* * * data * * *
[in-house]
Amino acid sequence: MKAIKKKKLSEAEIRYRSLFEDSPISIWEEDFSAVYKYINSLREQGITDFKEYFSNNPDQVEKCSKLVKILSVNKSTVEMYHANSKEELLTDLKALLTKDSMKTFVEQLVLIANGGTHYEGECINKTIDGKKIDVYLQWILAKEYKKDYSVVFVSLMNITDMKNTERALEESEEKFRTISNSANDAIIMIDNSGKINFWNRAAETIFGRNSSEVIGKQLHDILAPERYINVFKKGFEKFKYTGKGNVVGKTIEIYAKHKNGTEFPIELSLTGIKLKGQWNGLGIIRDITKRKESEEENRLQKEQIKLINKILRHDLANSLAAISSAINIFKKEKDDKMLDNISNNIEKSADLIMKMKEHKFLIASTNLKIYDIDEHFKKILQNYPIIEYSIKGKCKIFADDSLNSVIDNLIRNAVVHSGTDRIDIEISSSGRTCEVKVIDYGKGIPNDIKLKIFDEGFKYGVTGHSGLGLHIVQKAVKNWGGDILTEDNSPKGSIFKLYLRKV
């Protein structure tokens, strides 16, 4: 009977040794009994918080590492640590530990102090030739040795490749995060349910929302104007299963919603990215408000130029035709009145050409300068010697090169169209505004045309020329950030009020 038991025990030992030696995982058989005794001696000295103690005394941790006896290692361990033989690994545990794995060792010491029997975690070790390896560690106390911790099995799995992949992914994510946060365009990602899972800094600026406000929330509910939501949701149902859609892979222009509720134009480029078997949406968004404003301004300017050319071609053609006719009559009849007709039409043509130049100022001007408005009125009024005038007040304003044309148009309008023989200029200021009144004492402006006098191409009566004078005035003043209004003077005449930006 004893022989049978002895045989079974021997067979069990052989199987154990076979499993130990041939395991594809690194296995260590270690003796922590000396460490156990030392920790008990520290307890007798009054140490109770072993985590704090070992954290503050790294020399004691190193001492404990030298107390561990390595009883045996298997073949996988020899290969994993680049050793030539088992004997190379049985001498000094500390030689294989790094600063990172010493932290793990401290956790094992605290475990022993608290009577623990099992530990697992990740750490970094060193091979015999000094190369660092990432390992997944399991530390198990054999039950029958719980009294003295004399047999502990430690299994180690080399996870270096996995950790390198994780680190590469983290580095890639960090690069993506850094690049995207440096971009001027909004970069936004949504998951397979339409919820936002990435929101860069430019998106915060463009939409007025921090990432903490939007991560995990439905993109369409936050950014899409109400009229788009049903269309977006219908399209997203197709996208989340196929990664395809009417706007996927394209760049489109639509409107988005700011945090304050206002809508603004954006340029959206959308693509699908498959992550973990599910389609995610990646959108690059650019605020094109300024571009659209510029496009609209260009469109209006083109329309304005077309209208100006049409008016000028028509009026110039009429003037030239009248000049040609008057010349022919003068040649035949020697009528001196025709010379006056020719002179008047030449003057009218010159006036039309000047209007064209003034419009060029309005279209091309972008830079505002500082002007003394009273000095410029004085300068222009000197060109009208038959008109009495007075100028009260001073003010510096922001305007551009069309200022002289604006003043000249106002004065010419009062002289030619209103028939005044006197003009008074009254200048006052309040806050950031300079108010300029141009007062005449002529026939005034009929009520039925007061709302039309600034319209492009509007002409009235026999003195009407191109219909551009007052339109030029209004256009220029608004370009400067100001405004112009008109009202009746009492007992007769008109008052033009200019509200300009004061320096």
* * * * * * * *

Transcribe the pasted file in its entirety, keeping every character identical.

[in-house]
Amino acid sequence: MKAIKKKKLSEAEIRYRSLFEDSPISIWEEDFSAVYKYINSLREQGITDFKEYFSNNPDQVEKCSKLVKILSVNKSTVEMYHANSKEELLTDLKALLTKDSMKTFVEQLVLIANGGTHYEGECINKTIDGKKIDVYLQWILAKEYKKDYSVVFVSLMNITDMKNTERALEESEEKFRTISNSANDAIIMIDNSGKINFWNRAAETIFGRNSSEVIGKQLHDILAPERYINVFKKGFEKFKYTGKGNVVGKTIEIYAKHKNGTEFPIELSLTGIKLKGQWNGLGIIRDITKRKESEEENRLQKEQIKLINKILRHDLANSLAAISSAINIFKKEKDDKMLDNISNNIEKSADLIMKMKEHKFLIASTNLKIYDIDEHFKKILQNYPIIEYSIKGKCKIFADDSLNSVIDNLIRNAVVHSGTDRIDIEISSSGRTCEVKVIDYGKGIPNDIKLKIFDEGFKYGVTGHSGLGLHIVQKAVKNWGGDILTEDNSPKGSIFKLYLRKV
């Protein structure tokens, strides 16, 4: 009977040794009994918080590492640590530990102090030739040795490749995060349910929302104007299963919603990215408000130029035709009145050409300068010697090169169209505004045309020329950030009020 038991025990030992030696995982058989005794001696000295103690005394941790006896290692361990033989690994545990794995060792010491029997975690070790390896560690106390911790099995799995992949992914994510946060365009990602899972800094600026406000929330509910939501949701149902859609892979222009509720134009480029078997949406968004404003301004300017050319071609053609006719009559009849007709039409043509130049100022001007408005009125009024005038007040304003044309148009309008023989200029200021009144004492402006006098191409009566004078005035003043209004003077005449930006 004893022989049978002895045989079974021997067979069990052989199987154990076979499993130990041939395991594809690194296995260590270690003796922590000396460490156990030392920790008990520290307890007798009054140490109770072993985590704090070992954290503050790294020399004691190193001492404990030298107390561990390595009883045996298997073949996988020899290969994993680049050793030539088992004997190379049985001498000094500390030689294989790094600063990172010493932290793990401290956790094992605290475990022993608290009577623990099992530990697992990740750490970094060193091979015999000094190369660092990432390992997944399991530390198990054999039950029958719980009294003295004399047999502990430690299994180690080399996870270096996995950790390198994780680190590469983290580095890639960090690069993506850094690049995207440096971009001027909004970069936004949504998951397979339409919820936002990435929101860069430019998106915060463009939409007025921090990432903490939007991560995990439905993109369409936050950014899409109400009229788009049903269309977006219908399209997203197709996208989340196929990664395809009417706007996927394209760049489109639509409107988005700011945090304050206002809508603004954006340029959206959308693509699908498959992550973990599910389609995610990646959108690059650019605020094109300024571009659209510029496009609209260009469109209006083109329309304005077309209208100006049409008016000028028509009026110039009429003037030239009248000049040609008057010349022919003068040649035949020697009528001196025709010379006056020719002179008047030449003057009218010159006036039309000047209007064209003034419009060029309005279209091309972008830079505002500082002007003394009273000095410029004085300068222009000197060109009208038959008109009495007075100028009260001073003010510096922001305007551009069309200022002289604006003043000249106002004065010419009062002289030619209103028939005044006197003009008074009254200048006052309040806050950031300079108010300029141009007062005449002529026939005034009929009520039925007061709302039309600034319209492009509007002409009235026999003195009407191109219909551009007052339109030029209004256009220029608004370009400067100001405004112009008109009202009746009492007992007769008109008052033009200019509200300009004061320096």